As so often, I felt instantly better. Asking for help is good, it turns out, it opens things up. Doctors don't mock you or tell you you are a moaning minnie; I don't know why I thought they would, mind you.

And then on Sunday morning we got a email from the agency in the US. Would we like to show our profile to a birth mother due end of August along with some other couples? Yes we would. Yes, yes. Yesness. It was a straight-forward decision; the circumstances the birthmother finds herself in are sad, but not otherwise dramatic or complicated.

It's really hard not to let your mind go skittering torturously ahead, it transpires. It's such a uniquely, drastically on/off situation, a thing we are all well acquainted with from TTC days. But one attempts to stay in this here and now. I have a lot of plans for September/October, for instance, which I am  seeing as a good thing.
Road 1: BABY! Plans out of window! Book me on a flight immmmediately!
Road 2: No baby. But nice distracting plans? Yes, those. Oh, okay.

No-one will die either way. It simply means this is not our baby. (Still, though! BABY!)

Oh! The BP explosion of universes has now been canceled until further notice. I am almost disappointed, and yet, on the other hand, OH! HAPPY! DAY! It seems the Non Trembler must now make it his business to scour the United States of America for a house that meet his rather stringent purchasing criteria.

Ah. I've run out of time.  I see I am hitting a not impressive average posting rate of ONE a month, so I will publish.

I hope all is well with everyone. Your status update is always of interest.


I know this theme is dull but it works on all devices. Anything for your convenience, reader!

stuff happens

That huge BPD collision is scheduled for the August Bank Holiday, on which day, keep eyes trained on the relevant horizon, where we might expect a mad puff of smoke to appear. In the meantime, some stuff happened:

  • I meant to follow up: do you remember Meet-up Friend? I did write to her, as you suggested, back in February, but heard no more until she came to our event a couple of weeks ago. She seemed quite well..? Hard to tell of course, and really just functioning at all after such a trauma is itself a fecking walking, talking miracle. People are truly extraordinary, and yet, of course, what choice has she? It was so good to see her surrounded by her friends, working away. I was glad she felt comfortable to be with us.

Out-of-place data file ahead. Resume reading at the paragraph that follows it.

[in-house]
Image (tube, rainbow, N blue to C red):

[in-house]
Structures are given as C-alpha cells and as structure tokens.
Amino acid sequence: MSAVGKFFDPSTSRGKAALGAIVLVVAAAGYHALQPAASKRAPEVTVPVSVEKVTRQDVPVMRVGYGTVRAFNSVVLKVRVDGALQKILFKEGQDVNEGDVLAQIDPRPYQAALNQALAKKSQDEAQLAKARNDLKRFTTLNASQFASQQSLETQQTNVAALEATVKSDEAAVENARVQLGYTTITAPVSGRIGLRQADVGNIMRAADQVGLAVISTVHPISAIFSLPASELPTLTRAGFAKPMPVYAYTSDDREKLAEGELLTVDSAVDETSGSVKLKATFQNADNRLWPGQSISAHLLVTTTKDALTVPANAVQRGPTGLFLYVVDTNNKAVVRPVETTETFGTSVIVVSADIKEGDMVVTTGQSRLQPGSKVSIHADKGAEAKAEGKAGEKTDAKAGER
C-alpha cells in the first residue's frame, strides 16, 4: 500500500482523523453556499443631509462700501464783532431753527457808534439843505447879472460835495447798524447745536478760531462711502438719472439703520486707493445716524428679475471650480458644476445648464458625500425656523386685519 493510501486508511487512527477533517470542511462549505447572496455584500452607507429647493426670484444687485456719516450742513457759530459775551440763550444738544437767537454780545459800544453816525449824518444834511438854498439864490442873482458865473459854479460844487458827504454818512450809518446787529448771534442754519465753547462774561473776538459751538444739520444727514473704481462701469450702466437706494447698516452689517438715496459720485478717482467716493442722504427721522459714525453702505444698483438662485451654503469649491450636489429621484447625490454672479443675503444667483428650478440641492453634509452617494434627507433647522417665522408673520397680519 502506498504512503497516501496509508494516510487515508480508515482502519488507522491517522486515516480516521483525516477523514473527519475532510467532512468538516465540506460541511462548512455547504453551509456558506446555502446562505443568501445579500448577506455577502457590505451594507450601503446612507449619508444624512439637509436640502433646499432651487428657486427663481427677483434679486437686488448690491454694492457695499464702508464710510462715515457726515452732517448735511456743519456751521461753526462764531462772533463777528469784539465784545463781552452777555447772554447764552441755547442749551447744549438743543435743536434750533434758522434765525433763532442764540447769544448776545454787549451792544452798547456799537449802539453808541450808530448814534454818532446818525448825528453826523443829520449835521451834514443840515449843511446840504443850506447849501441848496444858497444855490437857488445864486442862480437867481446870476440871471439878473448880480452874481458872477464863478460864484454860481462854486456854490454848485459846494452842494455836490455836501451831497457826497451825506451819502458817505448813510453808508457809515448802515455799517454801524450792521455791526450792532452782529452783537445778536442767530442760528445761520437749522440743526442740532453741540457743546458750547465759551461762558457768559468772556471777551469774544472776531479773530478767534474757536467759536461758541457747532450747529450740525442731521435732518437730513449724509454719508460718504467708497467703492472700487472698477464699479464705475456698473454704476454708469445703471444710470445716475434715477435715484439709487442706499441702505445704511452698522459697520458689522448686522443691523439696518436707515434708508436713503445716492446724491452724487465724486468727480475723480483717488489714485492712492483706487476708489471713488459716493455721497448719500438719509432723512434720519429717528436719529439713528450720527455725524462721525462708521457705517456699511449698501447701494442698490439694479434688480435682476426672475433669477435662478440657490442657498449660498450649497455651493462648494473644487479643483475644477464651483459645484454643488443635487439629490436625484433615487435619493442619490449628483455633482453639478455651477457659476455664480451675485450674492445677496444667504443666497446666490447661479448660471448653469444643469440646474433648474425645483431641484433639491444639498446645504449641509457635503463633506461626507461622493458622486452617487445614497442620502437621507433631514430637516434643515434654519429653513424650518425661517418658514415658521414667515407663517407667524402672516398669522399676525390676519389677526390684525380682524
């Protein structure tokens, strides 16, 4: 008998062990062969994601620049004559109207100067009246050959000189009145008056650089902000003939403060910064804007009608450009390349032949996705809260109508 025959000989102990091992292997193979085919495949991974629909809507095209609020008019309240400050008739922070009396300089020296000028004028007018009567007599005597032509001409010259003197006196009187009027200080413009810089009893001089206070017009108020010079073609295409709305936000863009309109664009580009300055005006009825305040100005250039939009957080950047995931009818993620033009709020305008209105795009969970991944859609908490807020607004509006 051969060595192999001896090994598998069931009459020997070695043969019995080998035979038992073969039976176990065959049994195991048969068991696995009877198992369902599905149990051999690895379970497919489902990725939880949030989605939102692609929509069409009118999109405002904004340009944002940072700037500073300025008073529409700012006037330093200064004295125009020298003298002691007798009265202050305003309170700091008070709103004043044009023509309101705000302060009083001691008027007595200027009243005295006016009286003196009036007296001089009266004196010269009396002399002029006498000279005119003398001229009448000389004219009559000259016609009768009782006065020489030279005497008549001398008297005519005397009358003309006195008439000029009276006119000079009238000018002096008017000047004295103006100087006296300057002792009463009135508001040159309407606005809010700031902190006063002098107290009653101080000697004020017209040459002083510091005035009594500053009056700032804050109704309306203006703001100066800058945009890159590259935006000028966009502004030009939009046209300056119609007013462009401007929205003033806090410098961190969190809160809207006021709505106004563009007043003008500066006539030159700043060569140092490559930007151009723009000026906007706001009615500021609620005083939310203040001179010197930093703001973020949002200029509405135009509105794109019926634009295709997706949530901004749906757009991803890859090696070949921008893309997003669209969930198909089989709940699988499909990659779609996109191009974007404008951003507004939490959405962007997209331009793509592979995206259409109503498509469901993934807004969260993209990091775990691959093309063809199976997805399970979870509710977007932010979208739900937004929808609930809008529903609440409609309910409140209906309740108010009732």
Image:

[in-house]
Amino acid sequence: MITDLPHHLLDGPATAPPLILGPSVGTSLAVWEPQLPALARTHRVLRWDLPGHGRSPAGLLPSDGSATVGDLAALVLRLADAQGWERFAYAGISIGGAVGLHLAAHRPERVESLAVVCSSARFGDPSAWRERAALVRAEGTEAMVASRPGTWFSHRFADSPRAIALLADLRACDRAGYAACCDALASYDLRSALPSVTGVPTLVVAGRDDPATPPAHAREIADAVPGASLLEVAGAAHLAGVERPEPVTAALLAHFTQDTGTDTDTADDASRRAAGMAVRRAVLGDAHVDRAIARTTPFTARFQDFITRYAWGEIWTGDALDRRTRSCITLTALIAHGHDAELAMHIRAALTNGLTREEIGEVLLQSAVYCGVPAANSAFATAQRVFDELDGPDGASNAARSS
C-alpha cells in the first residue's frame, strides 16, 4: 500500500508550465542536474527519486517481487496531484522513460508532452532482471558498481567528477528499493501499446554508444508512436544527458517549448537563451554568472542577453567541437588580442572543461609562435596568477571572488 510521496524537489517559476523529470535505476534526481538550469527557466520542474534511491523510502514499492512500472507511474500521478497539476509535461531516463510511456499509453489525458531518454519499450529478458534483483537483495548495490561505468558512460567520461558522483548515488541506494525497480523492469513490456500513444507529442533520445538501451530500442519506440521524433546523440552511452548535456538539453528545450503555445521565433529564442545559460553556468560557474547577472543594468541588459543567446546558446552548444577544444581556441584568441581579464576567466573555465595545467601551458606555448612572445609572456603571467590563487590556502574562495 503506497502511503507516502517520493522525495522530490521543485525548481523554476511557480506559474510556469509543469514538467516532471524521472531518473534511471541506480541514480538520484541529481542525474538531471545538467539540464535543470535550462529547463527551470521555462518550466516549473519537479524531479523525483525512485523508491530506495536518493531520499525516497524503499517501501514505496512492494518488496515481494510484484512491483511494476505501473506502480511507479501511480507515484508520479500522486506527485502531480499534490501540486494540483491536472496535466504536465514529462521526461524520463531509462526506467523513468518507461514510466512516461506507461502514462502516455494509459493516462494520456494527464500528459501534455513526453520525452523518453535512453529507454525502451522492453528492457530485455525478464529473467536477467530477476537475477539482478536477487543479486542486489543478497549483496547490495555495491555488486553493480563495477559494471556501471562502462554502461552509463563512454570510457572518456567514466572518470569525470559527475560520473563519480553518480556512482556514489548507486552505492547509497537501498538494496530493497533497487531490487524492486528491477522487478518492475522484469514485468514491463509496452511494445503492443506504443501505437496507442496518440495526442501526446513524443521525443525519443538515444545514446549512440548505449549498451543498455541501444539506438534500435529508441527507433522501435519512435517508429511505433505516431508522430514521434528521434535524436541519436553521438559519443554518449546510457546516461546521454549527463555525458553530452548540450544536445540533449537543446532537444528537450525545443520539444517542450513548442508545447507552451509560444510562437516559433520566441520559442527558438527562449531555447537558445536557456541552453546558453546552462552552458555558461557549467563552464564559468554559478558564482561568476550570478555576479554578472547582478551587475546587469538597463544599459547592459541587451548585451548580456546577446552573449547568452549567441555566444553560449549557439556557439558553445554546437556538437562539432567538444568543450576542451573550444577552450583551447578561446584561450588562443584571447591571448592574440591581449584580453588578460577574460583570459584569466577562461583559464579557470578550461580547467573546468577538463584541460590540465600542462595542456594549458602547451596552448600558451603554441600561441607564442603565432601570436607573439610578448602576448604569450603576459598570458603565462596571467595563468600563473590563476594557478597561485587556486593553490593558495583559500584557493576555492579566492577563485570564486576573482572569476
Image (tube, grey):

• The JB has failed his driving test. It transpires this centre has a failure rate of 60%, so this was to be expected, though this did not prevent his feeling offended by it. And thus I am condemned to be his practice partner for another few weeks. I hate to whine ( - well, actually, I enjoy the whining, but I prefer to delude myself that I am not a whiner. It's a conundrum.) I mean, I realise I am not going down the mine or anything, It's Not That Bad, but this supervisory stuff brings out the worst most picky, bossy and impatient side of me which I find deeply unflattering. I remind myself (cue thunder and lightning sound effects) of MY FATHER. Of all people! URG. Apparently I also have to admit I am very vain about these things, which is another uncomfortable truth I could have done without uncovering. Bleah. 

  • If he gets his licence next time, it would be excellent. If he doesn't, screw it, I think we should get an automatic. Those things are so wonderfully easy, it's basically a bumper car, as far as I can see.

  • Or we could wait until Google brings out a driverless car. Where is the future, Google? Come on, hand it over.

  • Other than this, I feel sort of scrambled, today, and in general, sort of inept and thick. I can't sleep, can you? If there is the slightest deviation from the regular bed at 11, up at 7 schedule, I am reduced to a quivering wreck.

  • Quivering, I tell you.

  • On the other hand, things aren't so bad. There are sparrow nests in the garden. (Luckily cat is an inept hunter, only catching very few small and ancient or possibly suicidal creatures). Some sweet rocket came out. I glow with pride when I consider I planted it two years ago. How mature of me! See that, deferred pleasure. No need to dwell on the rest of the garden which looks like it's been abandoned some years ago.
  • I babysat the niece and nephew last week. Babysat is the wrong word. I sat with them in the kitchen drawing pictures with my niece while the nephew misspent his youth on minecraft. 


  • And! Our little country isn't so backward after all. We have a lot more work to do, of course, but 62.07% in favour of marriage equality is good. It was a beautiful day; the sun shone, actual rainbows came out as if a sign of approval from the universe, and we were so happy and proud to be us.

Hope you are well, folks. What stuff is happening with you? Stuff, anyone?